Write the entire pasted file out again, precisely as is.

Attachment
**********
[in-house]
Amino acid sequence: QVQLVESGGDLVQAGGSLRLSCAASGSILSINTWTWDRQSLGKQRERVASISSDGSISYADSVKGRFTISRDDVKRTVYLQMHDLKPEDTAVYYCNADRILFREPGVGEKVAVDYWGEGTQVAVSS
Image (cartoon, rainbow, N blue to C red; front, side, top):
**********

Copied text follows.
[in-house]
Amino acid sequence: QVQLVESGGDLVQAGGSLRLSCAASGSILSINTWTWDRQSLGKQRERVASISSDGSISYADSVKGRFTISRDDVKRTVYLQMHDLKPEDTAVYYCNADRILFREPGVGEKVAVDYWGEGTQVAVSS
Image (cartoon, rainbow, N blue to C red; front, side, top):